42. 42. Bay Area Search machine learning Keywords: Search Behavior, Application Behavior, etc. Job Title Classifier, Skills Extractor, Job Level Classifier, etc. Semantic Query Augmentation keywords:((machine learning)^10 OR { AT_LEAST_2: ("data mining"^0.9, matlab^0.8, "data scientist"^0.75, "artificial intelligence"^0.7, "neural networks"^0.55)) } { BOOST_TO_TOP: ( job_title:( "software engineer" OR "data manager" OR "data scientist" OR "hadoop engineer")) } Modified Query: Related Occupations machine learning: {15-1031.00 .58 Computer Software Engineers, Applications 15-1011.00 .55 Computer and Information Scientists, Research 15-1032.00 .52 Computer Software Engineers, Systems Software } machine learning: { software engineer .65, data manager .3, data scientist .25, hadoop engineer .2, } Common Job Titles Semantic Search Architecture – Query Augmentation Related Phrases machine learning: { data mining .9, matlab .8, data scientist .75, artificial intelligence .7, neural networks .55 } Known keyword phrases java developer machine learning registered nurse FST Knowledge Graph in +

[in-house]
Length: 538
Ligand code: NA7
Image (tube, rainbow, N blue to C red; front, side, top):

43. 43. Bay Area Search Query Enrichment
  44. 44. Bay Area Search Document Enrichment
  45. 45. Bay Area Search Document Enrichment
  46. 46. Bay Area Search Knowledge Graph
  47. 47. Bay Area Search Serves as a “data science toolkit” API that allows dynamically navigating and pivoting through multiple levels of relationships between items in our domain. Compare the relationships of skills to keywords, job titles to skills to keywords, skills to government occupation codes, skills to experience level, etc. Knowledge Graph API Core similarity engine, exposed via API Any product can leverage our core relationship scoring engine to score any list of entities against any other list Full domain support Keywords, job titles, skills, companies, job levels, locations, and all other taxonomies. Intersections, overlaps, & relationship scoring, many levels deep Users can either provide a list of items to score, or else have the system dynamically discover the most related items (or both). Knowledge Graph